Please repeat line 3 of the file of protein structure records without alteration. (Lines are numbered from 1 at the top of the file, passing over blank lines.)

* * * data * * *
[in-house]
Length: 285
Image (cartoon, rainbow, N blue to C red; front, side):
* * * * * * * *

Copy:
Image (cartoon, rainbow, N blue to C red; front, side):